I Coulda Been a Contender
nlike many gamers my age, my love of FPS didn’t arrive with Wolfenstein. Sure, it was cool, but it was also a game I couldn’t play for very long without getting lost or bored. Similarly I let Doom pass me by; another neat game, but I found I still had little patience for key-hunting. Duke Nukem 3D’s puerile humour and partial nudity added a layer of the forbidden over the whole approach, and I played it a lot for that reason rather than any love of the genre.
Quake was the game changer for me, but not for its full 3D, or its dark satanic tone and Reznorbuilt soundtrack; it was the first time I experienced competitive online gaming. Not that I was particularly competitive to begin with, because I played keyboardonly and it took weeks of getting my butt kicked, before I conceded that a mouse might be necessary, and things got serious.
I heard about a thing called Team Fortress – a “mod” for Quake - and that became my life. I played a lot. The kind of “a lot” where I knew player movement so well that even with a ping of 250+ on dialup I could snipe enemies through the opaque surface (no fancy OpenGL effects on my crappy laptop) of the water separating 2Forts and Rock. I obsessed over my stats on The Champion’s League for Quake (theclq.com – now defunct) which monitored tens of thousands of servers and hundreds of thousands of players worldwide amongst which I ranked somewhere in the top 3-400. I was thoroughly addicted to being better at shooting people than they were at shooting me. But it was more than that too, because it could be done cooperatively, as a team, each member playing a vital role to secure victory. At the time it seemed gaming would never get better than this.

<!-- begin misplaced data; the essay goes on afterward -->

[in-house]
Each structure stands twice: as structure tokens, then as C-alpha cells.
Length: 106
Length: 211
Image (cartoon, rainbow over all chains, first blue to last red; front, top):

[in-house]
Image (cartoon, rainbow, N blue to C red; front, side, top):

Then a friend introduced me to Counter-Strike (1.3), and I forgot all about Team Fortress. Since this discovery occurred immediately prior to my moving out of home to attend university, you can probably guess what my average day consisted of: a lecture or two, and Counter-Strike. Furthering my habit, a LAN café opened up near the uni, and since a lot of internet was still dialup in those days, I spent a lot of time there playing over high speed internet or on the local network. I got pretty good. Café patrons knew me, and whispers rippled around the room when I walked in. I guess it was cool in a “king of geeks” kind of way, and it fed my desire to be the best FPS player I could. I once started a session at 11am on Friday, and walked out of the café at 11am Sunday morning with maybe a couple of hours sleep in between. My bike, left at the train station for two days, had the seat stolen.
Life’s different now. I don’t have much free time and I tend to prefer my FPS with a start and end, rather than the continual chase of unattainable perfection in never ending rounds. I sometimes wonder if there’s a version of me in the multiverse who followed through and became a pro-gamer. Hmmm… maybe I’ll just play a couple more rounds in Overwatch…